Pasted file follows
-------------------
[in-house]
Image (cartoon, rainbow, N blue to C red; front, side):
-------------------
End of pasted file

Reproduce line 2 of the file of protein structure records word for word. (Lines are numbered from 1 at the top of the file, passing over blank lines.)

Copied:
Image (cartoon, rainbow, N blue to C red; front, side):